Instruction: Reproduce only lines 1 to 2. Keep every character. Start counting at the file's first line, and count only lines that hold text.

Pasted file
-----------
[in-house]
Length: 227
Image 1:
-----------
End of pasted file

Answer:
[in-house]
Length: 227